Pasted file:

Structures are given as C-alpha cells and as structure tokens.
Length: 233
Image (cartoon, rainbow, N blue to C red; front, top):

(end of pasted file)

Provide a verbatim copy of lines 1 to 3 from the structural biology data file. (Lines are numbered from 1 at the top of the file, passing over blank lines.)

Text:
Structures are given as C-alpha cells and as structure tokens.
Length: 233
Image (cartoon, rainbow, N blue to C red; front, top):